Dry Needling

To learn more about dry needling, click the questions below.

What is Dry Needling?

Dry Needling is a western form of "Acupuncture" and this treatment has been described using many names. Dry Needling is the most current term. Acupuncture is based on traditional Chinese medicine and Acupuncture needling treatment occurs along the meridian system. Modern Dry Needling is based on western neuroanatomy and modern scientific study of the musculoskeletal and nervous system. Volumes of research have been written on the subject of Dry Needling by several physicians (Janet Travell, MD, David Simons, MD, Peter Baldry, MD, and Karel Lewit, MD).

Acupuncture Theory

In Acupuncture, it is thought that when Chi (life energy) becomes stagnant and the flow is disrupted, illness and disease result. In order to restore Chi distribution, Acupuncture needles are inserted into Acupuncture points along the meridians (energetic pathways) of the body.

Western researchers have determined that energetic pathways or meridians do not exist. However, many of these points along the energetic pathways do correspond with nerves, motor points and trigger points in muscle, and treating these areas with needling can have a positive, therapeutic effect on injured muscles and nerves and improve body functions.

What is the Difference between Dry Needling and Acupuncture?

Dry Needling is performed by Western Medical Practitioners using Acupuncture-type needles to treat the musculoskeletal and nervous systems based on modern neuroanatomy science. Acupuncture falls within the scope of traditional Chinese medicine. It would be incorrect to refer to a practitioner of Dry Needling as an "Acupuncturist" since Dry Needling practitioners do not use traditional meridians (meridians are based on a 2000 year old dogma).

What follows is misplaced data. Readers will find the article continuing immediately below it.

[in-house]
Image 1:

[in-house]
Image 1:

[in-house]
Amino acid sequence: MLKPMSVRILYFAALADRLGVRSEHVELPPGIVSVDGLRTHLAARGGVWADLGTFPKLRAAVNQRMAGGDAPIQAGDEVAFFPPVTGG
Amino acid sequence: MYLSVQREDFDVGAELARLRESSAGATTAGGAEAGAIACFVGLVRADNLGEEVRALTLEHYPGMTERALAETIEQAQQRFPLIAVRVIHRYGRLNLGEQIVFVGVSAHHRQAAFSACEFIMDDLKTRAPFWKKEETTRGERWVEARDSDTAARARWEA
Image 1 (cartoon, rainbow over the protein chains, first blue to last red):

When is Dry Needling used by your Physical Therapist?

Dry Needling can be a powerful adjunctive treatment at Physical Therapy First, though it is important to remember that Dry Needling is only one part of the treatment component. Physical therapy will likely also address biomechanical muscle imbalances, postural dysfunctions, muscular flexibility limitation, strength deficits, and swollen or stiff joints. Physical therapy treatment may include: joint mobilization, a carefully designed therapeutic exercise plan, and advanced hands-on therapy techniques. These will restore a patient’s optimal physical function. A multidimensional treatment approach is paramount for a successful recovery. Singular treatment approaches often only offer temporary relief or fail altogether. Hence the old saying is true, "if your only tool is a hammer, everything looks like a nail".

What is the Cost of Dry Needling?

While some patients choose to pay out-of-pocket for Dry Needling treatment, often Dry Needling is covered by insurance as part of a larger treatment plan.

How does Dry Needling Improve Function and Reduce Pain?

How Dry Needling improves function and reduces pain:

  1. Dry Needling of muscular trigger points causes relaxation through disruption of the motor endplate.
  2. Tiny injuries created by the needle insertion cause a local healing response in the dysfunctional, painful tissue, which restores normal function through the natural healing process.
  3. Dry Needling stimulates neural pathways which blocks pain by disrupting pain messages being sent to the central nervous system. The pain control process occurs by:
    1. Opioid suppression at the spinal cord level.
    2. The Gate Theory of pain.
    3. Activating neurotransmitters in the central nervous system, which contribute to a systemic pain inhibiting effect, and this neurotransmitter response extends the therapeutic benefit to other areas of the body.
  4. Dry Needling causes a local chemically mediated response through the release of Bradykinin, Substance P, and other body proteins and neurotransmitters, which block the transmission of pain messages.
What Conditions Does Dry Needling Help?

Dry Needling, combined with physical therapy treatment, has been shown to help the following conditions:

  1. Acute and chronic tendonitis
  2. Athletic and sports-related overuse injuries
  3. Post-surgical pain
  4. Post-traumatic injuries, motor vehicle accidents, and work related injuries
  5. Chronic pain conditions
  6. Headaches and whiplash
  7. Lower back pain